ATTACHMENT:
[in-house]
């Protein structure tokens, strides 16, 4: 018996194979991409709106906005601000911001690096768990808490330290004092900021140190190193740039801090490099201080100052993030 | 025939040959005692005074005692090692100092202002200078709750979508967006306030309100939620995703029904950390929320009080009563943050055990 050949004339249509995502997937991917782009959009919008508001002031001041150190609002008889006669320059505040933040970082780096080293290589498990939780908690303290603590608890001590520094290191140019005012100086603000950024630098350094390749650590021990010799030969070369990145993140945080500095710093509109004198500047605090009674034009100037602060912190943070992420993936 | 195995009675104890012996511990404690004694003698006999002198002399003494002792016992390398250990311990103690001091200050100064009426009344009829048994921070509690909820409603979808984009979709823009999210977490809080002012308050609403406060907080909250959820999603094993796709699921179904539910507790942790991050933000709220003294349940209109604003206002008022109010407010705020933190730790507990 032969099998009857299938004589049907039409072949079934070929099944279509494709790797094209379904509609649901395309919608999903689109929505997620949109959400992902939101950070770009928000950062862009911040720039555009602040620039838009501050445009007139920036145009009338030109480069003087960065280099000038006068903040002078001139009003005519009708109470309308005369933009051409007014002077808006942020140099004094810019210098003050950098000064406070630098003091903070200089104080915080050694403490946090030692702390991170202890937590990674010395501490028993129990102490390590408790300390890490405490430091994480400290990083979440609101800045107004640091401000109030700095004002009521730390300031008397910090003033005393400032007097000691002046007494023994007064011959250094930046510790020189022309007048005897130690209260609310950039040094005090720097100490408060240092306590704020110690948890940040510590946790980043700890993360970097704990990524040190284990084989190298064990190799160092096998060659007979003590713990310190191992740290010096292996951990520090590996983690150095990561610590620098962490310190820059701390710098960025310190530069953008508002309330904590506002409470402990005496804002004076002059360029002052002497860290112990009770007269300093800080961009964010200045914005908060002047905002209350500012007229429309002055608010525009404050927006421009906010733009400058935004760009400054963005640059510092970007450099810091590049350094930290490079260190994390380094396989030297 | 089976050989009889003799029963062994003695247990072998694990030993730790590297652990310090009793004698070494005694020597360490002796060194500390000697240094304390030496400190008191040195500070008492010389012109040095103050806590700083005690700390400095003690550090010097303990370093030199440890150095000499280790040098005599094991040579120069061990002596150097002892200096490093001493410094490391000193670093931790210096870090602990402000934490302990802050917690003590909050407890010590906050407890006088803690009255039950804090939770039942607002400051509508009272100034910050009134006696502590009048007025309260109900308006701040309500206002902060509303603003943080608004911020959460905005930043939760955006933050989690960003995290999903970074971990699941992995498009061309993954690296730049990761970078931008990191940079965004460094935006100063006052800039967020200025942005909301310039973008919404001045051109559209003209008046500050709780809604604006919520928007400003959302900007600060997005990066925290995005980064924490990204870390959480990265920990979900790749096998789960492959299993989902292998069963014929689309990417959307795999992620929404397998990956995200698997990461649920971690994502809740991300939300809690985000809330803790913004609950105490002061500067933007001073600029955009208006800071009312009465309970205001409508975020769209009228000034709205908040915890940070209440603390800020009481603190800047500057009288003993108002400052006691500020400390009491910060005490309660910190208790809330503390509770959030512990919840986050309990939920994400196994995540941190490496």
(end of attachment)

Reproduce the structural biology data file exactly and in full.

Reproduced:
[in-house]
């Protein structure tokens, strides 16, 4: 018996194979991409709106906005601000911001690096768990808490330290004092900021140190190193740039801090490099201080100052993030 | 025939040959005692005074005692090692100092202002200078709750979508967006306030309100939620995703029904950390929320009080009563943050055990 050949004339249509995502997937991917782009959009919008508001002031001041150190609002008889006669320059505040933040970082780096080293290589498990939780908690303290603590608890001590520094290191140019005012100086603000950024630098350094390749650590021990010799030969070369990145993140945080500095710093509109004198500047605090009674034009100037602060912190943070992420993936 | 195995009675104890012996511990404690004694003698006999002198002399003494002792016992390398250990311990103690001091200050100064009426009344009829048994921070509690909820409603979808984009979709823009999210977490809080002012308050609403406060907080909250959820999603094993796709699921179904539910507790942790991050933000709220003294349940209109604003206002008022109010407010705020933190730790507990 032969099998009857299938004589049907039409072949079934070929099944279509494709790797094209379904509609649901395309919608999903689109929505997620949109959400992902939101950070770009928000950062862009911040720039555009602040620039838009501050445009007139920036145009009338030109480069003087960065280099000038006068903040002078001139009003005519009708109470309308005369933009051409007014002077808006942020140099004094810019210098003050950098000064406070630098003091903070200089104080915080050694403490946090030692702390991170202890937590990674010395501490028993129990102490390590408790300390890490405490430091994480400290990083979440609101800045107004640091401000109030700095004002009521730390300031008397910090003033005393400032007097000691002046007494023994007064011959250094930046510790020189022309007048005897130690209260609310950039040094005090720097100490408060240092306590704020110690948890940040510590946790980043700890993360970097704990990524040190284990084989190298064990190799160092096998060659007979003590713990310190191992740290010096292996951990520090590996983690150095990561610590620098962490310190820059701390710098960025310190530069953008508002309330904590506002409470402990005496804002004076002059360029002052002497860290112990009770007269300093800080961009964010200045914005908060002047905002209350500012007229429309002055608010525009404050927006421009906010733009400058935004760009400054963005640059510092970007450099810091590049350094930290490079260190994390380094396989030297 | 089976050989009889003799029963062994003695247990072998694990030993730790590297652990310090009793004698070494005694020597360490002796060194500390000697240094304390030496400190008191040195500070008492010389012109040095103050806590700083005690700390400095003690550090010097303990370093030199440890150095000499280790040098005599094991040579120069061990002596150097002892200096490093001493410094490391000193670093931790210096870090602990402000934490302990802050917690003590909050407890010590906050407890006088803690009255039950804090939770039942607002400051509508009272100034910050009134006696502590009048007025309260109900308006701040309500206002902060509303603003943080608004911020959460905005930043939760955006933050989690960003995290999903970074971990699941992995498009061309993954690296730049990761970078931008990191940079965004460094935006100063006052800039967020200025942005909301310039973008919404001045051109559209003209008046500050709780809604604006919520928007400003959302900007600060997005990066925290995005980064924490990204870390959480990265920990979900790749096998789960492959299993989902292998069963014929689309990417959307795999992620929404397998990956995200698997990461649920971690994502809740991300939300809690985000809330803790913004609950105490002061500067933007001073600029955009208006800071009312009465309970205001409508975020769209009228000034709205908040915890940070209440603390800020009481603190800047500057009288003993108002400052006691500020400390009491910060005490309660910190208790809330503390509770959030512990919840986050309990939920994400196994995540941190490496």